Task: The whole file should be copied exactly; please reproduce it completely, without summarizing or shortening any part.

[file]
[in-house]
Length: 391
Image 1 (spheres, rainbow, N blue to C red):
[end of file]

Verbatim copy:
[in-house]
Length: 391
Image 1 (spheres, rainbow, N blue to C red):